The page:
Size matters, and many of us - this writer included - sat in wonderment at a movie theater as Darth Vader’s star destroyer dominated the entire screen in its pursuit of Princess Leia’s Tantive IV in the crucial opening minutes of Star Wars: A New Hope (just plain Star Wars in 1977). An even bigger surprise awaited viewers as Han Solo’s Corellian freighter was absorbed into the moon-sized Death Star. Here was a Clarkian “worldlet” capable not only of traveling from one planet to another, but also destroying it.

Using science-fiction as our springboard, we move on to the subject of gigantic vehicles – seemingly real – that are often reported in UFO chronicles. The presence of such behemoths has fuelled speculation about alien efforts at colonizing our own star system, although – referring back to pulp as a touchstone – such massive craft could be needed to pierce the barrier that separates one dimension from another, as suggested in Fritz Leiber’s The Wanderer.

A Forgotten Case: The Janos People

The story of The Janos People occupied the narrow middle ground between the UMMO hoax and contactee experiences of the 1950s and 1960s. In 1978, a family traveling down a lonely road somewhere in England found their routine journey intercepted by an unidentified flying object. During the course of this CE-3 experience, the humans were taken aboard the alleged craft. In the abduction-riddled '90s, they would have been subjected to series of gruesome experiments; but things were different in the '70s, even in matters involving extraterrestrial captors, who limited themselves to showing their unwilling guests a movie.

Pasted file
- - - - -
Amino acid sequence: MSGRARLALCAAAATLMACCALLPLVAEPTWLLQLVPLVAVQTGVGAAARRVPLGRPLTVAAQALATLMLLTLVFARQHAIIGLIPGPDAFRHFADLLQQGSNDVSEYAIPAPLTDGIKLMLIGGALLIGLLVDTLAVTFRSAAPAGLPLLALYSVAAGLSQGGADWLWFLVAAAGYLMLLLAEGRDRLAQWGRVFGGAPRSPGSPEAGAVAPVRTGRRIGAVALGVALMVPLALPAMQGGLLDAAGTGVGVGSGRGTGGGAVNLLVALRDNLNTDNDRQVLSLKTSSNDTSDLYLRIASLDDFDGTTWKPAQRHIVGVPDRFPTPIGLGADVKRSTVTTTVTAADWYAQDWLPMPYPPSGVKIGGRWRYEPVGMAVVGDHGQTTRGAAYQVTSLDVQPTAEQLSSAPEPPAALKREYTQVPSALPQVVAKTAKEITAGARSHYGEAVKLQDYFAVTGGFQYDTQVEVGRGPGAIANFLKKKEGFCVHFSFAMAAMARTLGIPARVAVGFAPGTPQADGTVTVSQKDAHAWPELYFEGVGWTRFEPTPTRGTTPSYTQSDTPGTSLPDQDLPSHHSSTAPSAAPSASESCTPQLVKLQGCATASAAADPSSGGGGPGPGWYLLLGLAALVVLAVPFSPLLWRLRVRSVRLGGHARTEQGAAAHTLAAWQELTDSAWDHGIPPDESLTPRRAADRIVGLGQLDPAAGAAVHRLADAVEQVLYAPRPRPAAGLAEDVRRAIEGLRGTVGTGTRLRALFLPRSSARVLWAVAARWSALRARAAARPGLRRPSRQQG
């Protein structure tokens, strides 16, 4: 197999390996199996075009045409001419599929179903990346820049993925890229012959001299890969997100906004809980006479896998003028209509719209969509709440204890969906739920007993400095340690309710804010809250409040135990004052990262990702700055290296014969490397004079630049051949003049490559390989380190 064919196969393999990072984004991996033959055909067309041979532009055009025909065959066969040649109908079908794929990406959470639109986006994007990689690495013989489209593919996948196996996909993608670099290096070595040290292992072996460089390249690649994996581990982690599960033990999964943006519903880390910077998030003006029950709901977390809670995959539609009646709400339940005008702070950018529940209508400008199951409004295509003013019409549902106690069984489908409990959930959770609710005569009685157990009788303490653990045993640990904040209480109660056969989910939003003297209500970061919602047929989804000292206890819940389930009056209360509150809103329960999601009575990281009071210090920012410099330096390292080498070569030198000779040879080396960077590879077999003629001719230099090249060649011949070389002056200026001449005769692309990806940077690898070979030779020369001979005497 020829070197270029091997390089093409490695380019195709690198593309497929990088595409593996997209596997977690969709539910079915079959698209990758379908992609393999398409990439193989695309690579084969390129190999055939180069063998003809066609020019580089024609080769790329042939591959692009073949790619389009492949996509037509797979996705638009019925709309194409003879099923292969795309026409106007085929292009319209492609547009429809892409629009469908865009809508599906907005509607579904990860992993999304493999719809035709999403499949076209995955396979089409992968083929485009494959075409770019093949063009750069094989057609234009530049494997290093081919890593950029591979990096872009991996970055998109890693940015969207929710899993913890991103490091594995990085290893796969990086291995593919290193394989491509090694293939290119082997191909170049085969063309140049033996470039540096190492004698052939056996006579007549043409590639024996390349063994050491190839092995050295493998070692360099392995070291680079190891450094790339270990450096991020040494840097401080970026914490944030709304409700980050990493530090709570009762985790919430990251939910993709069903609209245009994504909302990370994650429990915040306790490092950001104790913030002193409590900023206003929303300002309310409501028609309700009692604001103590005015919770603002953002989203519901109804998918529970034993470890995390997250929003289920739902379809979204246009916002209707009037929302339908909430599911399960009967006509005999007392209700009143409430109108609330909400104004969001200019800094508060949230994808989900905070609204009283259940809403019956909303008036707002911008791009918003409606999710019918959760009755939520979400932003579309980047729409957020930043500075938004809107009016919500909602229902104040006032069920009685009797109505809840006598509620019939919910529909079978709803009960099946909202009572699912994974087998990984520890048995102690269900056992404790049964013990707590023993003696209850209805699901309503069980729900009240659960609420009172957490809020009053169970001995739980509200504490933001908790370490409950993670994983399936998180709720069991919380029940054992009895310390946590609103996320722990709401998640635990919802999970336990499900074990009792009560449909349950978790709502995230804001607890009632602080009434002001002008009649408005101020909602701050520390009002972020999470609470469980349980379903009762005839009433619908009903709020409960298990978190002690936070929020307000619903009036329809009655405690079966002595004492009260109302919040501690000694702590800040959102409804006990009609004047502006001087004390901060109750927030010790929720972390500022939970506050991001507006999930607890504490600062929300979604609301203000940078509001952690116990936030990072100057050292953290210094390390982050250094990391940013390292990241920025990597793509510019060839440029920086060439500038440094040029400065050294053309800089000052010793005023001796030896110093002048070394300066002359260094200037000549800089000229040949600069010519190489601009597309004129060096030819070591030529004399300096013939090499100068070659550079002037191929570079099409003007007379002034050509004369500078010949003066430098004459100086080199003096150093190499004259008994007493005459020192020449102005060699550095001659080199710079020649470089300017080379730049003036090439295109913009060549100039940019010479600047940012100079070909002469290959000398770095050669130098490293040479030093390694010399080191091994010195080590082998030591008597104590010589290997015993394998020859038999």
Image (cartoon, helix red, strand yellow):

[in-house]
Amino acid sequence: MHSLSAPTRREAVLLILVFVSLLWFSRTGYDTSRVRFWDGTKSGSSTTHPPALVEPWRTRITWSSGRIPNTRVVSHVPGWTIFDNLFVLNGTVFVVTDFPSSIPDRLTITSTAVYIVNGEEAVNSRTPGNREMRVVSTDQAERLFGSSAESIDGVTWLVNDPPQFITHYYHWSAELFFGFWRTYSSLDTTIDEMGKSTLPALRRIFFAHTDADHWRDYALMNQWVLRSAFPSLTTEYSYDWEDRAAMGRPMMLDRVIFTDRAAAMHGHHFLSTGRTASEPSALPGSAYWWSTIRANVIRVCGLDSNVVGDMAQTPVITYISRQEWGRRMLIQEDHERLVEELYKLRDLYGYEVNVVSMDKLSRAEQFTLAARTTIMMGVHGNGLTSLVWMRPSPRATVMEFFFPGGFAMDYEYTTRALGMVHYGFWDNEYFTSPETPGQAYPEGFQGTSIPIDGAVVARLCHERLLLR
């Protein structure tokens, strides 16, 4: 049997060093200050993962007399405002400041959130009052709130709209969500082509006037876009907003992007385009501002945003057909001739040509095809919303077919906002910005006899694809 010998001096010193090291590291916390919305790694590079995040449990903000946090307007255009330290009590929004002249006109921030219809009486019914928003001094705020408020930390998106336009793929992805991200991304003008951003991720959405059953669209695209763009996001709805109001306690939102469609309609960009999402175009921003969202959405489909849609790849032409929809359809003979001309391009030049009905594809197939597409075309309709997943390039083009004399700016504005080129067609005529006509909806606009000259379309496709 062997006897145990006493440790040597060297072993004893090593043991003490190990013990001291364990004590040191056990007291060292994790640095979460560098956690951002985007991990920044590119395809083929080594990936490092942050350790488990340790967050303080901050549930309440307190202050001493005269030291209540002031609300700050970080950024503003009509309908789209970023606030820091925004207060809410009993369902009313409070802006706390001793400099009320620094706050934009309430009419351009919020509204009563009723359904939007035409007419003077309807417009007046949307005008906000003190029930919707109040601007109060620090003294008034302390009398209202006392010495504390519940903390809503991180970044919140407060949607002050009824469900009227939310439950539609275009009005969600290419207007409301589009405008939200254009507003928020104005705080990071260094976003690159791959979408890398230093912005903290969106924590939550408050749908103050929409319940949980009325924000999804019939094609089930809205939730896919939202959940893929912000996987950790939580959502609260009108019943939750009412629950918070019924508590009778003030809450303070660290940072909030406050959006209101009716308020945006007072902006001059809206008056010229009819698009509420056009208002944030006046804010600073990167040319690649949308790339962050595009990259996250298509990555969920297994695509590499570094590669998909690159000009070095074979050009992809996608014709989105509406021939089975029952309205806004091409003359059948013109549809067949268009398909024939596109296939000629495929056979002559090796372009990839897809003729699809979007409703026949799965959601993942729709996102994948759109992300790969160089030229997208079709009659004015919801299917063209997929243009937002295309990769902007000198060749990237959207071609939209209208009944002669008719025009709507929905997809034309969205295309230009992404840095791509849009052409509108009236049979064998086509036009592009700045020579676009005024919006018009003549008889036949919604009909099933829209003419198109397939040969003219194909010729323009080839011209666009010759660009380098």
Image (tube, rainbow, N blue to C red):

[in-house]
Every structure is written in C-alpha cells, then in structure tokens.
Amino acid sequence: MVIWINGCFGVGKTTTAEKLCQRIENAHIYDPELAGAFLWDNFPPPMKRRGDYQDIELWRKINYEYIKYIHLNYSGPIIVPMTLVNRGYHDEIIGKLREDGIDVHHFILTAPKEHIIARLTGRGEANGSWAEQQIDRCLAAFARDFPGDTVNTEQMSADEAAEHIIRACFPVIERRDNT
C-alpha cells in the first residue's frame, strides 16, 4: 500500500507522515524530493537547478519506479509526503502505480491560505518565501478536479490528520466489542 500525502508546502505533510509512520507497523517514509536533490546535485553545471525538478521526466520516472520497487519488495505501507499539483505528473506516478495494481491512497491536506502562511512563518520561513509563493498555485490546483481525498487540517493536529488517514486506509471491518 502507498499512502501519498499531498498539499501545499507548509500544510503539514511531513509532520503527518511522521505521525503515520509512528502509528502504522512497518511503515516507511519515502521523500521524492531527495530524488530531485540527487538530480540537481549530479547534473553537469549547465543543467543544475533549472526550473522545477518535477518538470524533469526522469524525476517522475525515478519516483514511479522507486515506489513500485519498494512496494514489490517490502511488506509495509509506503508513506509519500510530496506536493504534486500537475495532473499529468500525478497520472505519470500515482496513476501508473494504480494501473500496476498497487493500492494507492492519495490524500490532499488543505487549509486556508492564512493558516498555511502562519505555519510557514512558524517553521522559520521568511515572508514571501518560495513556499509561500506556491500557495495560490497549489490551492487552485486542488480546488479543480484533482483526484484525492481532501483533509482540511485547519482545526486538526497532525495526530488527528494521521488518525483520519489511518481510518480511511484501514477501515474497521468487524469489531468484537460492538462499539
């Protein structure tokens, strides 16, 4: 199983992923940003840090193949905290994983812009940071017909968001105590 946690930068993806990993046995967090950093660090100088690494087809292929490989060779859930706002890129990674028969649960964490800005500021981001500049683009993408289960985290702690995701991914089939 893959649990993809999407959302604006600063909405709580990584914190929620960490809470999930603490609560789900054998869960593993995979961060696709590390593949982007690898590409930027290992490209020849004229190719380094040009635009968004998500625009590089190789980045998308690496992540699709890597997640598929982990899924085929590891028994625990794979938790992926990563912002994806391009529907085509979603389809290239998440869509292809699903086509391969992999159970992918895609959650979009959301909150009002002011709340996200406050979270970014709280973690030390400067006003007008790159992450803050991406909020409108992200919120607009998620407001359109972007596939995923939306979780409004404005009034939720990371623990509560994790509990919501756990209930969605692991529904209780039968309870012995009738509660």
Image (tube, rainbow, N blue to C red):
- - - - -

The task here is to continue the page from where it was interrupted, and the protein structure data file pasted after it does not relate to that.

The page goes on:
The projection - for want of a better term - told the story of the destruction of the planet Janos as one of its satellites - Saton - crumbled to bits and rained mountain-sized fragments on the planet below, destroying atomic power plants and enveloping the world in fallout.

The Janosians set themselves to work on a gargantuan spaceship constructed in the stricken planet's orbit (somewhere free from the meteoroids left over from the destruction of Saton, one supposes) and this too was displayed to the captives. This unimaginably large, ring-shaped worldlet held ten million people, and waited at the edges of our solar system for permission to embark on a colonization mission: whether on Earth proper or perhaps terraforming another planet like Mars or Venus.